It's Never All Bad: Lightening The Mood With Humor

This film would be extremely hard to handle without humor. The random moments of outlandish comedy makes the heavier tones of this story so much easier to digest. I believe the Dramedy is one of the best formats in filmmaking: it allows you to tell stories that have immense amounts of depth and emotion without losing your audience because the tone is just too heavy. The Family Fang is a perfect example of this. I found myself laughing to the point of tears just as much as I was trying to hold back genuine tears of emotion. The balance of light and dark was spot on.

Christopher Walken's performance as Caleb Fang was exceptional. As an actor, he's always found a way to win an audience over even if his character may not be as likable: this is no exception. As uncomfortable and enraged as I felt toward Caleb Fang throughout this movie, I couldn't help laughing at and downright loving his lighter scenes and brighter moments.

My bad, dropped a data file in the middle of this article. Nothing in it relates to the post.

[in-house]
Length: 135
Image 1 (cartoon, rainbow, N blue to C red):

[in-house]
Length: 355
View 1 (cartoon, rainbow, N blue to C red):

Even one of the most shocking Fang performance scenes had such outrageously funny elements that I found myself both disgusted and amused in the same moment. When a film can create that kind of rare cognitive dissonance in its audience, it has achieved something. Many of my favorite films to this day do exactly that: make me feel two things at once, forcing me to think harder about the situation and dive deeper into its meaning. Films that spark thought and discussion are right up my alley and The Family Fang is most definitely one of them.

A Balanced Equation: Casting, Pacing and Style

A good script can only go so far. There are so many elements that can make or break a film. The Family Fang got so much of it right. From casting and pacing to editing and production design, this movie was well made.

Jason Bateman shines as a director and an actor. I was extremely impressed with his creative choices throughout the film. Nicole Kidman embodied Annie Fang so well that I began to wonder if she drew inspiration from experience rather than her acting chops. Always a crowd pleaser, Christopher Walken was made for his role, in my opinion, just as I feel Maryann Plunkett did an outstanding job as the mother Fang. I see a great cast as one in which the entire movie would suffer if even one role was recast and I believe that is the case with The Family Fang. Each role was perfectly cast and the chemistry between the actors made for a true gem.